For instance, the XSW-D offers a massive 250-foot/75m operating range. So it’s unlikely that you’d ever run into an issue regarding the signal. Like the Xvive, Sennheisers wireless guitar system also gives you up to 5 hours battery from a single charge. As well as a convenient mute function on both the transmitter and the receiver.

Not only is the XSW-D built to last, but it also boasts an extremely elegant design. Connecting to any guitar/bass amplifier or pedal and capturing your instrument without compromising your tone.

Above all, if you’re serious about taking your guitar performance cordless, it’d be hard to go past the Sennheiser XSW-D. However, if there’s one thing that could be improved, it would be an extra charging port or inclusion of a Y-Cable like the U2 that allows you to charge both the receiver and the transmitter at the same time.

Features

  • For Electric, Acoustic, Bass Guitars
  • 1/4″ Plug-On Instrument Transmitter
  • 1/4″ Plug-In Instrument Receiver
  • Easy to Use, Plug & Play Operation
  • Low Latency for Tighter Performance
  • Lightweight Miniature Housing
  • Protected Peer-to-Peer Connection
  • USB-Rechargeable 5-Hour Batteries
  • 5 Systems at Once Max, Up to 250′ Range

SHOP: Sennheiser XSW-D

Shure BLX14 – Best Body-Pack Wireless System

BLX14 Wireless System

A completely wireless instrument system, the Shure BLX14 guitar wireless offers unprecedented sound quality. So good, that you won’t be able to tell the difference between the classic instrument cable alternative.

One of the more affordable complete systems, BLX14 takes inspiration from Shures higher-end ULX series. Sporting multiple microphones and transmitters that can be added and integrated into the system. Boasting a durable construction with world-class design, the BLX14 comes complete with a guitar lead, 1 wireless receiver, and 1 body-pack transmitter. Which also features an adjustable gain knob for complete user control while on-stage.

Requiring only 2 AA batteries to power the transmitter, you’ll get up to 14 hours of continuous use out of them. What’s more, although the BLX14 is marketed as a wireless guitar system, you can also use it for your bass guitar; offering accurate performance when dealing with low-frequency signals.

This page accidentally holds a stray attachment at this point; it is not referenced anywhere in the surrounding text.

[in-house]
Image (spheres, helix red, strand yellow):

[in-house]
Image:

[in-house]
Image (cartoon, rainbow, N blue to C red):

Available in multiple frequency bands, you’ll have to ensure you choose the correct band for your area.

Above all, the BLX14 is ideal for venues, mobile performers, and function centers.

Features

  • Great Audio Response
  • Transmission Range K14 or M17
  • Includes BLX1 bodypack transmitter, BLX4 single-channel receiver, guitar cable, power supply, 2 AA batteries, and user guide
  • Up to 14 hours of battery life (handheld)
  • Trusted worldwide by industry professionals
  • Great for speeches, vocalists, performers, and presenters
  • Ability to run up to 12 compatible systems per frequency band
  • Durable Construction
  • Up to 100m (LOS) operating Range

SHOP: Shure BLX14

AKG WMSS40 – Dual Wireless Instrument System

If you’ve got multiple guitars or instruments, the AKG WMSS40 is a perfect solution when you’re on stage. With a number of frequency bands to choose from, you’ll have to ensure you choose the correct band for your area. Delivering crystal clear sound, the WMSS40 is the perfect Plug’n’Play solution. So it’s ideal for small stages, clubs, hotels, and gyms.

Comprised of 3 main components, the WMSS40 gives you 2 BodyPack transmitters ( PT40 Mini each with guitar instrument cable ) and the dual receiver (SR40 Mini Dual).

A stand out feature with this system, the WMSS40 gives you a whopping battery life of up to 30 hours with a single AA battery. So you’ll save money on batteries and won’t have to worry about constantly having to recharge your equipment before your show.

Features

  • Wireless microphone system
  • 2x Bodypack transmitters, each with a guitar instrument cable
  • Up to 30-hour playtime with one single AA battery
  • Plug and play operation
  • Gain control on each channel
  • Low battery indicator
  • Lightest handheld transmitter in its class

SHOP: AKG WMSS40

Shure GLXD16 – Wireless Guitar Pedal System

A member of the renowned Shure wireless systems family, the GLXD16 gives you yet another great wireless guitar option. Combining the revolutionary LINKFREQ automatic frequency management technology, with battery rechargeability and quality design and construction.

What makes this wireless guitar system so great though, is its ability to integrate into any pedalboard. While also featuring integrated strobe and needle guitar tuners. But above all, it delivers exceptional digital audio clarity with seamless operation. It’s available in both K14 and K17 frequency ranges and offers up to 15 hours of battery life. While also giving you up to 100 meters of line of sight operating difference.

Features

  • Great Audio Response
  • Transmission Range K14 or M17
  • Includes BLX1 bodypack transmitter, BLX4 single-channel receiver, guitar cable, power supply, 2 AA batteries, and user guide
  • Up to 14 hours of battery life (handheld)
  • Trusted worldwide by industry professionals
  • Ability to run up to 12 compatible systems per frequency band
  • Durable Construction
  • Up to 100m (LOS) operating Range

SHOP: Shure GLXD16

The Final Say

There you have it, our top 5 choices when it comes to wireless guitar systems. Hopefully, you have a better understanding of what they do and how they work. If you’re still not sure and would like some more specific advice, feel free to contact our experienced DJ City staff today. We’d love to help you choose the perfect wireless system to take your guitar skills to the next level.

READ ON: The Best USB Microphones
By: Jamie Larcombe